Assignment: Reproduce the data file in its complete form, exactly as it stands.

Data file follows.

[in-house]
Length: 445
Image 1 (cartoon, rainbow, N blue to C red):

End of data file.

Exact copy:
[in-house]
Length: 445
Image 1 (cartoon, rainbow, N blue to C red):